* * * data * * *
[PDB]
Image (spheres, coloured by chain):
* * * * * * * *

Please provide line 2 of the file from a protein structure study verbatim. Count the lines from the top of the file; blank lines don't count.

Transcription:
Image (spheres, coloured by chain):